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Almost a year after he smuggled his way out of Cuba on a homemade boat, Jose Caballero was reunited late Thursday with his wife who survived a harrowing sea voyage of her own last month. The two embraced tightly at the Greyhound bus terminal in Austin, Texas, hours after Mailin Perez crossed the border from Mexico, taking advantage of a U.S. policy that allows entry to Cubans arriving by land.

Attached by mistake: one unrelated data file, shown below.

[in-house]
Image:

Perez, 30, was one of a group of Cuban migrants rescued at sea by Mexican fishermen this month badly sunburned and dehydrated after three weeks adrift. Only 15 of the 32 passengers on her boat survived the journey, with 15 dying at sea, and two more dying after they were rescued. "It was such a battle to get here," she said. Caballero left Cuba by the same route in December and is now a maintenance worker at a trucking company in Austin. The couple left two children behind with relatives in Cuba, a boy aged 11 and a girl aged four. "That's our hope now, to bring them to the United States," said Caballero. "But not the way we came. Not by sea."